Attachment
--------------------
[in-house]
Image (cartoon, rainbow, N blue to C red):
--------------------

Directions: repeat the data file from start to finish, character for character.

[in-house]
Image (cartoon, rainbow, N blue to C red):